Economic Regulation

Gas transmission pipeline regulation
Australia has a national, industry specific access regime in place that governs third party access to natural gas pipeline systems. This national regime is contained within the National Gas Law ('NGL') and associated National Gas Rules 2008 ('NGR'). The NGL and NGR set out principles for third party access to natural gas transmission and distribution pipeline systems throughout Australia. The NGL and NGR outline the rights and obligations of pipeline owners and users in relation to 'covered' (i.e. regulated) pipelines and provide a mechanism for third parties to obtain access to covered pipelines within an independent regulatory framework, including referral to arbitration to resolve access disputes. The NGR aim to provide a degree of certainty regarding terms and conditions for access to the services of covered pipelines in the event of a dispute, while preserving the ability for parties to negotiate access on commercial terms. Key features of the NGL and NGR are discussed below.

The third party access rights and obligations of pipeline owners and users, as contained in the NGL and NGR, only apply to pipelines that are covered. Certain pipelines were automatically covered when the regime commenced and other pipelines may become covered if they meet certain criteria set out in the Gas Rules. Covered pipelines may also become 'uncovered' if they no longer meet those criteria.' Epic's gas pipelines were originally covered, but coverage was subsequently revoked.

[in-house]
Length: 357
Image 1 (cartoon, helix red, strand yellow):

Access Arrangements
Under the Gas Rules, the owner or operator of a covered pipeline must submit a compliant access arrangement ('Access Arrangement') to an independent regulator for approval. A full Access Arrangement must set out:

  • the terms and conditions of access to covered pipelines to which the Access Arrangement relates;
  • proposed pipeline services that are likely to be sought by a significant part of the market ('Reference Services');
  • tariffs for those Reference Services ('Reference Tariffs');
  • capacity trading requirements;
  • queuing requirements (if applicable) to determine user priorities for spare capacity;
  • how the pipeline is to be expanded or extended; and'
  • how access requests are to be dealt with.

A more limited Access Arrangement can be lodged for 'Light Regulation' pipelines.' The regulator undertakes a consultation process in deciding whether to approve a proposed Access Arrangement and may require amendments. Access Arrangements are subject to periodic revision.
The Australian Energy Regulator ('AER') regulates covered gas transmission pipelines in Australia (other than Western Australia, which has a state-based regulator).

Moomba to Adelaide Pipeline System
On 15 March 2005, Epic Energy filed an application with the National Competition Council (NCC) for revocation of coverage of the Moomba to Adelaide pipeline system. The NCC undertook a comprehensive public consultation process, consistent with its obligation. On 16 September 2007, the South Australian Minister for Energy, the Hon. Patrick Conlon MP, released his decision to revoke coverage of the MAPS. The revocation took effect from 1 October 2007.
As this pipeline is not covered, an Access Arrangement is not required.

South East Pipeline System
Coverage of the South East Pipeline System was revoked on 20 April 2000 following submission (on 3 December 1999) by Epic Energy of an application for revocation of coverage.' An Access Arrangement is not required for the SEPS.

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